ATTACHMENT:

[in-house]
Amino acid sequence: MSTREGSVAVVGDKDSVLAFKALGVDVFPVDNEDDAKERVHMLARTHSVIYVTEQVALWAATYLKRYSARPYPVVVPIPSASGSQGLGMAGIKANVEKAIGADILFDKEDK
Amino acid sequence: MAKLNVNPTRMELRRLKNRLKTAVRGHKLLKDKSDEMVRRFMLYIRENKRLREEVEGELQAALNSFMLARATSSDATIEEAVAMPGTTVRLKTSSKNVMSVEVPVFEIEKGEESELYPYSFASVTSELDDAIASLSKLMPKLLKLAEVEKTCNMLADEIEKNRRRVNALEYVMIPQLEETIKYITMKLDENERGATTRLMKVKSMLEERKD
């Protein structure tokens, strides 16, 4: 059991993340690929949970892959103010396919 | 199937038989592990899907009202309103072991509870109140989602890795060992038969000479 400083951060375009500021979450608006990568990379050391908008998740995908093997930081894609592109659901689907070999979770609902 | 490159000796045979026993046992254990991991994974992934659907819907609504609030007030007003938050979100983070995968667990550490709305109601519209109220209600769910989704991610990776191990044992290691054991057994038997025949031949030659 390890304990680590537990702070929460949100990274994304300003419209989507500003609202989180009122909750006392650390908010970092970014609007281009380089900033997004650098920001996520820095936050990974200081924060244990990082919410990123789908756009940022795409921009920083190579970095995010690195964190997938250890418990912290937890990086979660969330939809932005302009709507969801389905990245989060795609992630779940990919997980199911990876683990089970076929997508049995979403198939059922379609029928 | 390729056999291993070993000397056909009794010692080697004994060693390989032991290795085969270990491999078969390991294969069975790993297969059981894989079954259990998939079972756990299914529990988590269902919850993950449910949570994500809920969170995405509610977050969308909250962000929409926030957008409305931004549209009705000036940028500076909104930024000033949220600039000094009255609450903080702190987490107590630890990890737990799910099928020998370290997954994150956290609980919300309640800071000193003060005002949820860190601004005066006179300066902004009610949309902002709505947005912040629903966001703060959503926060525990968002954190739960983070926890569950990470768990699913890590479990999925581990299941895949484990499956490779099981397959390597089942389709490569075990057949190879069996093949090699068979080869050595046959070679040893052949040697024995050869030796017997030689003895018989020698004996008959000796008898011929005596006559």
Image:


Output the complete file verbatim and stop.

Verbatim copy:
[in-house]
Amino acid sequence: MSTREGSVAVVGDKDSVLAFKALGVDVFPVDNEDDAKERVHMLARTHSVIYVTEQVALWAATYLKRYSARPYPVVVPIPSASGSQGLGMAGIKANVEKAIGADILFDKEDK
Amino acid sequence: MAKLNVNPTRMELRRLKNRLKTAVRGHKLLKDKSDEMVRRFMLYIRENKRLREEVEGELQAALNSFMLARATSSDATIEEAVAMPGTTVRLKTSSKNVMSVEVPVFEIEKGEESELYPYSFASVTSELDDAIASLSKLMPKLLKLAEVEKTCNMLADEIEKNRRRVNALEYVMIPQLEETIKYITMKLDENERGATTRLMKVKSMLEERKD
């Protein structure tokens, strides 16, 4: 059991993340690929949970892959103010396919 | 199937038989592990899907009202309103072991509870109140989602890795060992038969000479 400083951060375009500021979450608006990568990379050391908008998740995908093997930081894609592109659901689907070999979770609902 | 490159000796045979026993046992254990991991994974992934659907819907609504609030007030007003938050979100983070995968667990550490709305109601519209109220209600769910989704991610990776191990044992290691054991057994038997025949031949030659 390890304990680590537990702070929460949100990274994304300003419209989507500003609202989180009122909750006392650390908010970092970014609007281009380089900033997004650098920001996520820095936050990974200081924060244990990082919410990123789908756009940022795409921009920083190579970095995010690195964190997938250890418990912290937890990086979660969330939809932005302009709507969801389905990245989060795609992630779940990919997980199911990876683990089970076929997508049995979403198939059922379609029928 | 390729056999291993070993000397056909009794010692080697004994060693390989032991290795085969270990491999078969390991294969069975790993297969059981894989079954259990998939079972756990299914529990988590269902919850993950449910949570994500809920969170995405509610977050969308909250962000929409926030957008409305931004549209009705000036940028500076909104930024000033949220600039000094009255609450903080702190987490107590630890990890737990799910099928020998370290997954994150956290609980919300309640800071000193003060005002949820860190601004005066006179300066902004009610949309902002709505947005912040629903966001703060959503926060525990968002954190739960983070926890569950990470768990699913890590479990999925581990299941895949484990499956490779099981397959390597089942389709490569075990057949190879069996093949090699068979080869050595046959070679040893052949040697024995050869030796017997030689003895018989020698004996008959000796008898011929005596006559």
Image: